RRS DISCOVERY GEOGRAPHIC OPERATING AREA

Table 2

RRS DISCOVERY GEOGRAPHIC OPERATING AREA

Operating Area

2008–09

2009–10

2010–11

2011–12

Indian Ocean

0

0

0

0

Pacific Ocean

0

0

0

64

Southern Ocean

0

0

0

0

Caribbean

0

0

0

0

S Atlantic Ocean

0

33

110

27

N Atlantic Ocean

172

275

202

173

UK Shelf

193

57

53

101

In contrast the RRS James Cook has worked in more diverse and remote areas, generally reflecting cruises that require use of the ship’s dynamic positioning capability (required for ROV operations) and/or its greater scientific capabilities as well as berths.

Figure 4

RRS JAMES COOK GEOGRAPHIC OPERATING AREA

Table 3

RRS JAMES COOK GEOGRAPHIC OPERATING AREA

Operating Area

2008–09

2009–10

2010–11

2011–12

Indian Ocean

51

0

0

44

Pacific Ocean

33

0

0

0

Southern Ocean

11

40

78

51

Caribbean

10

51

43

0

S Atlantic Ocean

98

47

72

70

N Atlantic Ocean

101

195

158

107

UK Shelf

61

32

14

93

A significant proportion the UK Shelf time shown in both graphs is in connection with refits and major mobilisation of the vessels. Indeed science time on the UK shelf is very limited temporally and spatially (eg there has only been one large cruise in the North Sea in the last 10 years.) This has been particularly noted during the MSCC working group on research vessel operations, as the operating footprint is very different to the fisheries laboratory ships, which conversely work predominantly on the UK shelf.

Comparison with other Operators

Figure 5 below outlines activity of the main vessels of the Ocean Facilities Exchange Group (OFEG) during CY2012. The members of OFEG operate all eight non-polar global class European vessels and 12 out of 15 ocean class European vessels ships.2 As a consequence the data is a good basis for comparison, as the ships are generally of similar sizes and operating on a worldwide basis. The one exception to this is the Norwegian ships, which predominantly operate around their coast and continental shelf with occasional excursions to Iceland. This data shows that the RRS James Cook pattern is comparable to similar French and German vessels, but as noted above, 2012 is not a representative year for the RRS Discovery, which was subject to entanglement in fishing gear in the Pacific: this entailed a substantial delay and subsequent dry-docking, which has significantly reduced the number of days at sea in 2012.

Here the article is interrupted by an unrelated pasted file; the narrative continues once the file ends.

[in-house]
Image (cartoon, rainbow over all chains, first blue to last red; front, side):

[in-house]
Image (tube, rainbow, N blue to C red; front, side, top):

Figure 5

OCEAN FACILITIES EXCHANGE GROUP (OFEG) SHIP ACTIVITY 2012

A number of other features need explaining:

France (Ifremer) operate their four main vessels with three crews;3 consequently utilisation of the Pourquoi Pas? and L’Atalante tends to be maximised, while the Thalassa and Le Suroit spend substantial periods laid up. The other French vessel Marion Dufresne, operated by IPEV is primarily a resupply vessel for the French sub-Antarctic islands in the Indian Ocean, so only operates in this role for the Austral season, and spends the remainder of the year as a training vessel or on charter.

Netherlands (NIOZ) only has funding to operate the Pelagia for about half the year; the remainder is spent on charter or laid up.

Spain (CSIC) has suffered significant funding cuts over the past year and as a consequence, the Sarmiento da Gamboa has spent extended periods tied up alongside in its home port of Vigo.

Running Costs

Informal discussions with other operators have repeatedly indicated that both the NOC and BAS operations are among the most cost-effective for global class vessels: The NATO Undersea Research Centre (NURC) and US National Science Foundation (NSF) have both provided data that indicates comparable costs for like vessels in their fleets, while information provided by Germany has indicated costs which are substantially greater. It is worth noting that while the NSF vessels are publicly run, operation of NATO’s vessel Alliance is contracted out, as are the majority of the German vessels.

In addition to these informal discussions, a subset of operators, comprising a selection of in-house, outsourced and Companies Limited by Guarantee (CLG), from the International Research Ship Operators’ (IRSO) group undertook a formal benchmarking of their ship operations in 2009. While the purpose of this exercise was predominantly for the benefit of the Irish Marine Institute (MI), who were re-tendering their outsourced ship management contract at the time, the data was shared with all participants. The Irish chose to index the data by ship length, and although this is a poor measure for this purpose, both BAS and NOC were close to the average for the group on this basis. The data in Figure 6 re-works this data indexed instead to Gross Registered Tonnage, which is considered to be a better measure: the reasoning being that the NOC operated ships are both of similar length, however operating costs for the larger RRS James Cook are significantly larger, mainly due to fuel consumption and maintenance. Under this measure, both the NOC and BAS operations come out as most economic, while under both measures the average of in-house costs was lower than the outsourced operations.